• Creating stories of hope: A narrative approach to illness, death and grief— Lorraine Hedtke Quick View

    A narrative approach allows psychosocial teams to stand alongside children who have cancer, or life-threatening illnesses, and their families at critical times and to create stories of agency. Rather than dwelling on stories of loss and despair that potentially enfeeble families, a narrative approach builds on stories of strength that engender hope by asking questions that separate the person from the problem. Developing such stories supports people in taking action against the effects of cancer. It also facilitates the formation of a legacy that can sustain family members, even after the death of a child. This legacy serves as the foundation for remembering the dead, folding their stories into the lives of the living, and constructing lines of relational connection that can transcend physical death. Not only do families benefit from this approach, but the psychosocial team that provides professional and medical services can be uplifted through witnessing practices of strength and love in the face of hardship.

  • Michael White: Fragments of an Event— John Winslade & Lorraine Hedtke with an introduction by David Epston Quick View

    We present here fragments, reconstructed from memory, of Michael White’s last workshop. These fragments are interspersed with descriptions of events that took place in San Diego in the days leading up to Michael’s death. Our focus here is not on the medical details, nor on the private family stories, but on the task of recording Michael’s last efforts to teach. Our hope is to play a small part in allowing his words to continue to resonate.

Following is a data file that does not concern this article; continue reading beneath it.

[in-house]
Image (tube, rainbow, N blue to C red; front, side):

• Still alive: Counselling conversations with parents whose child has died during or soon after pregnancy— Helene Grau Kristensen and Lorraine Hedtke Quick View

    When a baby dies, before or after his or her birth, we (counsellors and lay people alike) are often at a loss as to how to help. This article addresses the delicate conversations needed to demonstrate how relational narratives can live on after the death of a baby whether he or she dies in utero, miscarried or born still. Using re-membering practices and narrative counselling, we explore how a deceased child’s ongoing identity can continue to inform sustaining narratives for those living with grief.

  • The Origami of Remembering— Lorraine Hedtke Quick View

    When so much of work in the realm of grief has focused on ‘letting go’ and ‘saying goodbye’ to those who have died, the ideas in this paper offer an alternative path. When working with people who are living with grief, finding ways to honour and ‘keep alive’ the relationship with the person who has died can be sustaining and hopeful. In this paper, Lorraine introduces the metaphor of ‘origami of remembering’, using it to describe the process of folding and re-folding the stories of people’s lives and how they are linked to those who have passed away.

    • The Origami of Remembering— Lorraine Hedtke Quick View
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    • The Origami of Remembering— Lorraine Hedtke
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    • When so much of work in the realm of grief has focused on ‘letting go’ and ‘saying goodbye’ to those who have died, the ideas in this paper offer an alternative path. When working with people who are living with grief, finding ways to honour and ‘keep alive’ the relationship with the person who has died can be sustaining and…
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